In an exemplary embodiment, services provided by Financial Center 130 include processing of funding requests, and thus Financial Center 130 includes a Web-based application embodying a method 500, shown in FIG. 5, for processing funding requests, such as requests for funding of a specified project. In particular, method 500 is directed toward converting a manual finding review process to a Web-based process. Method 500 still requires manual input of a set of data, but automates submission of funding requests, reporting of funding requests, and also allows global access to the funding request data within the organization. In one embodiment, method 500 includes storing 502 funding request data on Web-enabled database 410 and providing 504 access to the funding request data over the Web.

Storing 502 the funding request data includes providing 506 a Web-enabled database for storing the funding request data, prompting 508 a user to enter funding request data, and storing 510 the funding request data in a database file. The funding request data includes, for example, a project name, a category of business to which the project belongs, a division of the organization to which the project belongs, and financial data regarding the project, including cost figures and growth figures.

FIGS. 6-8 show an exemplary program funding request page 520 for prompting 508 a user to enter funding request data. Program funding request page 520 includes labeled input spaces, organized in sections, prompting the user to enter specific information via a computer keyboard or other input device. The sections of program funding request page 520 include a program description section 522, a program cost section 524, and a program benefits section 526. Program description section 522 includes identifying information such as the name of the person making the request, contact information for the requesting person, a project name, and other data indicating the category and type of business of the project. Program description section 522 further includes, for example, the objectives of the project, timing of the project, and input spaces for entering projected cost breakdowns among different divisions of the organization. The cost breakdowns in cost section 524 include, for example, annual figures for total expense, capital investment costs and labor costs for different divisions. In one embodiment, projected costs for coming years are also included. Program benefits section 526 includes projected annual sales and benefits figures and breakdowns.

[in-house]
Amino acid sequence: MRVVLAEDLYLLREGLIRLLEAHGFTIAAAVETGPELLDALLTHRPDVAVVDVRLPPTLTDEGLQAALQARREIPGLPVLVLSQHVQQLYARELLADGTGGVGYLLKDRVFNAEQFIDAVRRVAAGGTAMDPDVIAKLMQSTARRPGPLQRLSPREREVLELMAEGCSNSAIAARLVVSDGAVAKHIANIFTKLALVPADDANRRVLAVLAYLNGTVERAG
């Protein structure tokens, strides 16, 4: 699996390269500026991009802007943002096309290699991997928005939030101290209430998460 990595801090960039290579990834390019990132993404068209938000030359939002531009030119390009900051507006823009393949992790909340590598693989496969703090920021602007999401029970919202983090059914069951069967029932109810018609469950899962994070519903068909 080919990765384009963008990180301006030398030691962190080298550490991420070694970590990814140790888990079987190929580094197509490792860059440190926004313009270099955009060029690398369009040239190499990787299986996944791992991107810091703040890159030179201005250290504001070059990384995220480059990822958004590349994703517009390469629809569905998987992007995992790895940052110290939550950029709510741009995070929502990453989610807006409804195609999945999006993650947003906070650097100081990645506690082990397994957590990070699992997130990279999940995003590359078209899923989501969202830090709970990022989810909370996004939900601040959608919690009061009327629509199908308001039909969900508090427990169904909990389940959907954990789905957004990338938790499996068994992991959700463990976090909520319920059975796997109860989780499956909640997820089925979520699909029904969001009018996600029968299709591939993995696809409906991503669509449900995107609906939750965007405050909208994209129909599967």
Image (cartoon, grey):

Referring again to FIG. 5, method 500 further includes searching 530 the database for specific funding requests by prompting 532 a user to specify a search output from the database, and manipulating 534 the database files in response to the request to provide the specified output. FIG. 9 shows an exemplary search page 536 for searching previously entered funding requests. Search page 536 includes input spaces 538 for entering search criteria. Search criteria include, for example, the name of the person requesting the funding, project name, business division of the organization in which the project is categorized, function under which the project is categorized, and the like.

FIGS. 10 and 11 show an exemplary search results page 540 displaying a search output that is provided 542 in response to a funding request search. Search results page 540 includes an entry for each project name for which a funding request has been filed in the database. Each entry lists the project name, business, function, type, cost figures, benefits figures and a prioritization code.